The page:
Luck serves some of us less than others. For James Blunt, he wrote a song called You’re Beautiful and everything fell kindly into place. For the rest of us, we have the pleasure of watching Blunt getting richer and richer, from one album to the next. A figure of mockery he may be, but you imagine he manages to see past that when taking residency in Ibiza, writing his next gold-selling album.
Some Kind Of Trouble is an upbeat affair that may indeed convey Blunt’s current state of comfort. And although the former army officer declares himself somewhat separate from a Hollywood scene many associate him with, there’s a distinct whiff of Americanism here; with the song’s opening track spelling out what’s to come with a chorus line of “We’re all spinning on our heels, so far away from real, in Californ-i-a”. Album for the recession-hit, this is not.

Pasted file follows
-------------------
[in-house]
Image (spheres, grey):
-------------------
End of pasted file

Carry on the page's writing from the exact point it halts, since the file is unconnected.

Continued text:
But can Blunt do right? One minute he’s declared a sappy, naïve fool who writes songs about beautiful girls and releases them as Number 1 singles, the next he’s milking his subsequent happiness for all of us to see. This is a cheery album; sickeningly so. But it’s a career change rather than some sadistic, jealously-fuelling showpiece.
Aside from the predictable radio-friendly bulk, the only truly uncomfortable moment comes in the form of Turn Me On; a sex-ravished, sweaty and slightly uncharacteristic number, with Blunt – hair fully swept back – crying “underwater, with someone’s daughter, gonna make you a dirty woman”. For a bog-standard piano ballad, for This Love Again to follow immediately after the pulsating frenzy is even more perplexing.
But when Blunt sticks to playing it safe, he offends the least. And whilst it seems contrived to applaud an artist for sticking to his zone, this man is an exceptional case. Although short of a defining track (Calling Out Your Name is the standout, at a push), Some Kind Of Trouble is crammed with playable songs, unimaginative and glossy as they may be.
And so the wiseman lives on, continuing on his journey of hit records and luxury apartments. This album, like all of those that preceded it and will doubtless follow, is made to sell. But you can’t blame a man for making the most of a lucky strike.